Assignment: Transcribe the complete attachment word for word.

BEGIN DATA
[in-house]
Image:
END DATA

[in-house]
Image: